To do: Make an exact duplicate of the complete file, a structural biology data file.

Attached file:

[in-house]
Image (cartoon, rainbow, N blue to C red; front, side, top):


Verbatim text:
[in-house]
Image (cartoon, rainbow, N blue to C red; front, side, top):